spatial

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Related to Spatialization: Spatialisation

spatial

 [spa´shal]
pertaining to space.
Miller-Keane Encyclopedia and Dictionary of Medicine, Nursing, and Allied Health, Seventh Edition. © 2003 by Saunders, an imprint of Elsevier, Inc. All rights reserved.

spa·tial

(spā'shăl), Avoid the misspelling spacial.
Relating to space or a space.
Farlex Partner Medical Dictionary © Farlex 2012

spa·tial

(spā'shăl)
Relating to space or a space.
Medical Dictionary for the Health Professions and Nursing © Farlex 2012
References in periodicals archive ?
The new spatialization of knowledge and education in the postmodern age is based on the soft architecture' of the network which increasingly defines the nature of our institutions, our practices and our subjectivities.
Thus the spatialization of multiculturalism is also affected by the varied maps of decency, as reflections of various systems of power relations.
When what I have schematically defined as the spatialization of time occurs, time loses all its dialectic nature.
Nonetheless, Prufrock immediately returns to his spatialization and objectification of time as he measures out his life "with coffee spoons", perhaps suggesting the hourglass, thus turning abstract time into an object, coffee/sand, which is an attribute of space.
What I have formulated above as a causal relationship between spatialization and the production of empire has been formulated by some other theorists and critics as the relationship between pedagogy and performance.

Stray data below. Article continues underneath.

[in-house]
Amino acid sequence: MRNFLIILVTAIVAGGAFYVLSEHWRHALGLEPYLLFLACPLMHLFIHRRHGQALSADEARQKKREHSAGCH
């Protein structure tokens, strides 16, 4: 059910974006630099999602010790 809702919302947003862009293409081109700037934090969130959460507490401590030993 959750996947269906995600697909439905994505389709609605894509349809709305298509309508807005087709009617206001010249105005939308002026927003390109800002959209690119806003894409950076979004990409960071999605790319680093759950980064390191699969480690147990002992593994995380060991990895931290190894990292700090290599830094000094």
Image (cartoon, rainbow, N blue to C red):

She develops a timeline, a teleological spatialization of time that (like the NEA's Flash-animated maps) metes out homogenous segments of time in a series of predictable instants.
Lastly, a spatialization effect produced new administrative boundaries and jurisdictions, for example the Coen Protectorate, within which a particular set of listed Aboriginal workers were administered and supplied as a source of indentured labour to local cattle stations.
A precise articulatory spatialization, which is the ability to identify the source of the sound in surrounding space.
Following Bergson, the 'spectre of the spatialization of time that haunts physics' is the main subject matter of Castoriadis' critique: he argues that time has mostly been interpreted by analogy with space.
Chapter 4, 'The Voice in Translation II', encourages the reader to think of textual spatialization and to consider poetry as cinema, where the ekphrastic is replaced by cinematic moving images.
The importance of the accidental is also part of superficiality and spatialization, as discussed in chapter XI, cf.